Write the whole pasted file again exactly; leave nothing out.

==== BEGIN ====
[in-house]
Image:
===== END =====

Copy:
[in-house]
Image: